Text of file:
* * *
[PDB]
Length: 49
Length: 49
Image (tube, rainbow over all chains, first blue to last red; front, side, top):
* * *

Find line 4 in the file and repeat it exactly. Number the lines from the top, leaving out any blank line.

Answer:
Image (tube, rainbow over all chains, first blue to last red; front, side, top):